Here’s a good shot of all the hardware mounted up.



Apply some door trim from the parts store, and you’re done!



The cables aren't mounted unevenly, it's just the way the picture makes it look. They line up with the edge of the bumper's mouth.







I left about a centimeter of slack in the cables on purpose to allow low speed obstacles to pass (like the mountainous speed bumps at my apt complex). They tighten up at about 40 mph, according to my video which I made by duct taping my phone to the bumper. ;)

Oh yeah, it's going to be painted black in due time... it just has some self etching primer on there right now. Didn't care to paint it right away as it's going to come off when the car goes into the booth anyways.
 

·
Registered
Joined
·
2,096 Posts
Discussion Starter #3
I originally got the idea from this thread and tweaked it a bit. I didn't like the way the turnbuckles looked, and support rods which you can buy off the web are a bit outrageous at ~$75 a pair.

But regardless, thanks for your input :icon_cheers:
 

·
Registered
Joined
·
2,096 Posts
Discussion Starter #5
Eh I'm not a fan of the way they look. They're too bulky. Plus, if I give the splitter a downward angle starting at the back, then I shouldn't have to worry about providing upward stability; just stability against it being pulled down while driving.

Went for a country road cruise this evening after class. Still holding up fine!
 

·
Registered
Joined
·
2,096 Posts
Discussion Starter #7
Well I finally found the time to go about making a skeletal frame for the thing. It's not as crazy as some I've seen, but I can stand on the splitter and that's good enough for me. It really tightened up the front support cables. I was going to nix the cables and go with turnbuckles, but I need some upward flexibility because of the speed bumps (read: mountains) at my apartment complex.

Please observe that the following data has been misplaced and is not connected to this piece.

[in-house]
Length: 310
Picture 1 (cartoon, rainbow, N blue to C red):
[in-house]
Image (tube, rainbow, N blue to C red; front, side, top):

Made from angled aluminum found at any home improvement shop. Cost me less than ten bucks. I supported the back of the splitter with a jack in order to get the angle right, then measured (eyeballed, mostly) the lengths needed for each section. I was able to cut the angled aluminum with tin snips which made my job way easier, and the holes were drilled on a drill press. Grade 8 bolts were used alongside locknuts and some large washers to increase the surface area against the splitter.

You'll also notice the duct tape on the back of the fog light. The friction fit of the foglight housings inside the NB buckets is a perfect fit, but the tape was an afterthought just to be sure.

These photos, of course, were taken with a potato (approximately 1.3 megaspuds...digital photography has really improved over the years).



 

·
Registered
Joined
·
817 Posts
Building brackets to support the splitter is over thinking it. I prefer to wedge it into the subframe near the steering rack then use cables to support the rest. The nice thing is it can move when you hit bumps rather than shatter. I have tested this up to ~150 mph or whatever a 6 speed and 3.9 maxes out at 7200 rpm and it was fine. Also set up a few other cars this way with success as well.



 

·
Registered
Joined
·
10 Posts
I thought of doing this same thing but instead using some Ebay splitter rods/turnbuckles because the APR ones were way too expensive. Makes for easier installation too.
 

·
Registered
Joined
·
178 Posts
You have too much mods to the front portion that do not go together. There are no smooth transition from home brew Splitter - air dam- NB fog light holes- tsi signal light.
 
1 - 12 of 12 Posts
Top